Most players regard Lightner doubles as a vital part of their armoury for defending against slams. Here are a couple of great hands, shown to us by Frances Hinden of Surrey and Bill Jacobs in Australia. The theme is the Lightner double, and the consequences of not knowing whose lead it is.
An Opening Lead Problem
While there is little profit to be had in penalty doubles of slams, a Lightner double — requesting an unusual lead, often indicating a void — has been the downfall of many a slam. It has also been the cause of several disasters (even causing some to express doubt over whether the convention has actually shown a profit over its lifetime). You must be aware of the following factors:
- If you want partner to make his usual lead, you cannot double (unless you are confident of beating the slam on any lead)
- Opponents will sometimes escape to notrumps or a safer suit
- Occasionally you will get your ruff, but no further trick
We at poorbridge.com have one more item to add to this: do take a moment to check who is on lead!
This hand was reported to us by Frances Hinden of Surrey. (Her 'Hand of the week' column for the Surrey County Bridge Association can be found here). The occasion was the Young Chelsea annual knockout of 2004, a prestigous teams event whose winners are invited to enter the Lederer Memorial Trophy. When Jeffrey Allerton's team met Jeremy Dhondy's, the following hand came up.
After receiving a positive response from partner and finding spade support, Dhondy leapt to slam. Cameron Small, sat West, made a Lightner double, in the hope of a club lead. Unfortunately, he hadn't taken into account of the fact that it was him on lead! Dhondy ventured a redouble with his powerful hand, leaving Small with a difficult, and ultimately expensive, opening lead problem. He could still have covered himself with glory by leading a heart, but his eventual selection of a trump let the slam make. Declarer draws trumps, discards a heart on the A and finds that the clubs won't ruff out. He still comes to twelve tricks, thanks to the miracle heart position. (If West takes the first heart, the ace is ruffed out, while if East takes A, declarer can take a ruffing finesse against the king.) Dhondy therefore made the rather unusual score of +1620.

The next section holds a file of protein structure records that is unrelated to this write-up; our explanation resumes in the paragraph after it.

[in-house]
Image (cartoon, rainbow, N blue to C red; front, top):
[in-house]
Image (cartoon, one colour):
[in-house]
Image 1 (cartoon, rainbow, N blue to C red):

In the other room, Hinden and Allerton did the best they could, staying out of the bad slam:
|(2)||Leaping Michaels, 5-5 blacks|
Richard Hillman, sat East, found a club lead, ruffed by West. A heart return, another club ruff and the K left Allerton one down. The rather unfortunate case of going off in game while a redoubled slam in the same strain makes at the other table was a costly 17 IMPs in the match.
Position, Position, Position
Here is an article with a similar theme (but a happier ending), sent to us by Bill Jacobs in Australia.
The following deal was from the first night of the VBA GNOT heat. The perpetrators of this auction must remain anonymous (you can discover the names upon the payment of a modest fee).
The auction was comprehensible through to 6, which was surely a good shot by North.
Then it entered the Twilight Zone. West, who possibly had one too many Pimms before the game, doubled for a diamond lead, overlooking the tiny drawback that he or she was on lead.
South however was suitably frightened about the ruff, so looked for safe harbour in 6NT. This went round to East who sadistically doubled, giving North-South one last opportunity to bid the cold grand slam from the safe side. But no-one thought to bid further, and West made no mistake on lead, avoiding the fatal spade, and defeating the contract by two tricks for -500 for North-South, when 1460 (and then 1860 or 2210 or 2470) had been available.
West's double must surely be one of the most successful manoeuvres of all time - a psychic, phantom Lightner double targeted at the positionally challenged.